The Bible Goes Back to School

by Hannah Dodd

Thirteen-year-old Isabella caught her first glimpse of Bring Your Bible to School Day in Brio magazine.

At first, she didn’t think much of it. But a week later her magazine fell out of a drawer where she’d tucked it away.

Well, that’s kind of odd, she thought.

Isabella picked up the magazine and gave it another look. That’s when she saw Bring Your Bible to School Day advertised again.

“It felt like God was kind of nudging at my heart that I should do it,” she says. “So I said, ‘OK, God. I’m going to do this.’ ”

Bring Your Bible to School Day 2018

Eventful Event
With just a couple of weeks until the big day, Isabella had some planning to do. She got her parents’ backing and went straight to the school counselors, principal and other faculty members to get the ball rolling.

At first, she didn’t hear back. Her parents encouraged her to try again. Because Isabella didn’t give up, the faculty eventually allowed her to hang posters and promote the event.

“Just knowing that my parents are always behind me... that’s really encouraging to me,” she says.

Isabella lives in a small Minnesota town and has a tight-knit group of friends. To get people involved, Isabella informed her church’s youth group and passed out fliers to classmates to put on their lockers. Other students had put up posters to promote clubs and events, so that gave her the right, too. When she walked into the cafeteria and saw the posters, Isabella was filled with joy.

“It was like a really cool sense of pride,” she says. “I was actually getting somewhere with it... getting God into our school.”

When the day came, she and about 20 other students took a bold step of faith and brought their Bibles to school. In addition, she and her classmates prayed around the flagpole to give glory to God before classes began.

“Just praying in front of the flagpole showed that Christians aren’t afraid to share the Gospel,” she says. “We aren’t afraid to talk to people about our faith.”

Bring Your Bible to School Day 2018

Bring Your Bible, Again
Bring Your Bible to School Day wasn’t the first outreach Isabella had promoted at school. Previously, she and a group of students organized a service project that raised $500 to support families in other countries. The money funded a child’s school supplies, a year’s worth of clean water for one person and a goat for one family.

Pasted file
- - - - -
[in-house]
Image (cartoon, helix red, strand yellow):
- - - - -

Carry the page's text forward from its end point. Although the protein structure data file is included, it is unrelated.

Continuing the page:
Isabella’s heart to help others is inspired by her faith. “We need to share the Bible with everyone because God isn’t just for us,” she says.

After last year’s Bring Your Bible to School Day event, many kids at the school gained confidence in speaking openly about their faith in Jesus. And the more people talking about God, the better.

This year Isabella hopes more students get involved. She knows it may seem scary, but the results are worth it.

“Don’t be afraid to put yourself out there,” Isabella says. “Even if other people are judging you, God isn’t. He’s really happy that you’re doing this for Him.”

Bring Your Bible to School Day 2018

Bibles at School
Focus on the Family sponsors Bring Your Bible to School Day to equip students to know their religious rights and talk about God’s love with others. Be a part of it!

1. Go to to sign up. You can get a free guide, T-shirt designs, information and tips.

2. Let your principal know what you’re doing. As long as you don’t disrupt classes, you should have the right to hand out cards, hang posters, bring your Bible and talk to students about the event.

3. Encourage your friends to join you and pray.

4. On October 4, take your Bible to school. Read it during free time and discuss it with your classmates before or after school. Be prepared to answer questions and find important verses. You may even want to bring an extra Bible to share or give away.

Bring Your Bible to School Day 2018

Know Your Rights
As a student in public school, you can:
—respectfully discuss your personal religious beliefs.
—invite other students to voluntarily join you in praying, reading the Bible or talking about faith during free time. But you can’t force them.
—pass out religious materials if other kinds of student materials are also being passed out.
—start a student-led and student-initiated religious club that meets outside of class.
—pray silently at lunch, in class or before tests.

Copyright © 2018 by Focus on the Family; photos courtesy Isabella's family.